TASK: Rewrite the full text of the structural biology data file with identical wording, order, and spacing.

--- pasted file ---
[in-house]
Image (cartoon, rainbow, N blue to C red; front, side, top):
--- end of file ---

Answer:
[in-house]
Image (cartoon, rainbow, N blue to C red; front, side, top):